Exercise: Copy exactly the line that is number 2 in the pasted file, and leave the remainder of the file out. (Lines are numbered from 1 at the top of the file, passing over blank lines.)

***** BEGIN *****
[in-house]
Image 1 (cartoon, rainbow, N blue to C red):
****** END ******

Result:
Image 1 (cartoon, rainbow, N blue to C red):